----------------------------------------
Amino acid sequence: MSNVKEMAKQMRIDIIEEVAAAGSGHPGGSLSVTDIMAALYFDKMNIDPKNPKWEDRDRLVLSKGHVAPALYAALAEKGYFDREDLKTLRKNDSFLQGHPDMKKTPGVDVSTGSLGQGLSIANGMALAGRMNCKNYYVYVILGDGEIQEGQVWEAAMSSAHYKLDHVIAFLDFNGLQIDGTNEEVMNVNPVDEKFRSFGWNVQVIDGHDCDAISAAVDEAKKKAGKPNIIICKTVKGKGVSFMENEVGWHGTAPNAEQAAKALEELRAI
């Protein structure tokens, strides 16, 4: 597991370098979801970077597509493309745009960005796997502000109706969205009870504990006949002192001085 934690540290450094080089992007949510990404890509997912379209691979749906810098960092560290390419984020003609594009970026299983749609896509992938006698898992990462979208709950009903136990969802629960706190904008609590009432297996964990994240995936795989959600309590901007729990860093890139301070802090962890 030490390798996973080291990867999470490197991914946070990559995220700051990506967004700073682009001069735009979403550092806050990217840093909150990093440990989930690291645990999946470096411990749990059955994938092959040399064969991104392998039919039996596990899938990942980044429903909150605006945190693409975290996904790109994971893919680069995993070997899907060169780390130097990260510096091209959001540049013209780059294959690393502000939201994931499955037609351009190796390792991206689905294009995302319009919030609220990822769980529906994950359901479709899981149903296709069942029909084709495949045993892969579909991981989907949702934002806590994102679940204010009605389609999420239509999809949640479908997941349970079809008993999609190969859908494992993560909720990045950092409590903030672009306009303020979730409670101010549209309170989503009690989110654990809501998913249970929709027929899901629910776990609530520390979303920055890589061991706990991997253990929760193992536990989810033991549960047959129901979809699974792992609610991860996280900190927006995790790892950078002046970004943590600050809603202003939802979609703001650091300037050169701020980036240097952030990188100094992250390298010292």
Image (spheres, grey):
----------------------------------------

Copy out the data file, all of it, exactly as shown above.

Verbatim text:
Amino acid sequence: MSNVKEMAKQMRIDIIEEVAAAGSGHPGGSLSVTDIMAALYFDKMNIDPKNPKWEDRDRLVLSKGHVAPALYAALAEKGYFDREDLKTLRKNDSFLQGHPDMKKTPGVDVSTGSLGQGLSIANGMALAGRMNCKNYYVYVILGDGEIQEGQVWEAAMSSAHYKLDHVIAFLDFNGLQIDGTNEEVMNVNPVDEKFRSFGWNVQVIDGHDCDAISAAVDEAKKKAGKPNIIICKTVKGKGVSFMENEVGWHGTAPNAEQAAKALEELRAI
């Protein structure tokens, strides 16, 4: 597991370098979801970077597509493309745009960005796997502000109706969205009870504990006949002192001085 934690540290450094080089992007949510990404890509997912379209691979749906810098960092560290390419984020003609594009970026299983749609896509992938006698898992990462979208709950009903136990969802629960706190904008609590009432297996964990994240995936795989959600309590901007729990860093890139301070802090962890 030490390798996973080291990867999470490197991914946070990559995220700051990506967004700073682009001069735009979403550092806050990217840093909150990093440990989930690291645990999946470096411990749990059955994938092959040399064969991104392998039919039996596990899938990942980044429903909150605006945190693409975290996904790109994971893919680069995993070997899907060169780390130097990260510096091209959001540049013209780059294959690393502000939201994931499955037609351009190796390792991206689905294009995302319009919030609220990822769980529906994950359901479709899981149903296709069942029909084709495949045993892969579909991981989907949702934002806590994102679940204010009605389609999420239509999809949640479908997941349970079809008993999609190969859908494992993560909720990045950092409590903030672009306009303020979730409670101010549209309170989503009690989110654990809501998913249970929709027929899901629910776990609530520390979303920055890589061991706990991997253990929760193992536990989810033991549960047959129901979809699974792992609610991860996280900190927006995790790892950078002046970004943590600050809603202003939802979609703001650091300037050169701020980036240097952030990188100094992250390298010292």
Image (spheres, grey):